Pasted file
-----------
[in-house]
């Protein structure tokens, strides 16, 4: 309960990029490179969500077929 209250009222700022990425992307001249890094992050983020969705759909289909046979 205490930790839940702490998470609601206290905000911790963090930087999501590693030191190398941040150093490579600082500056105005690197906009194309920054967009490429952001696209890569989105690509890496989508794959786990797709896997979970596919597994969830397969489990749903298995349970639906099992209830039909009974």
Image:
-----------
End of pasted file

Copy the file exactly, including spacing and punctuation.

[in-house]
């Protein structure tokens, strides 16, 4: 309960990029490179969500077929 209250009222700022990425992307001249890094992050983020969705759909289909046979 205490930790839940702490998470609601206290905000911790963090930087999501590693030191190398941040150093490579600082500056105005690197906009194309920054967009490429952001696209890569989105690509890496989508794959786990797709896997979970596919597994969830397969489990749903298995349970639906099992209830039909009974």
Image: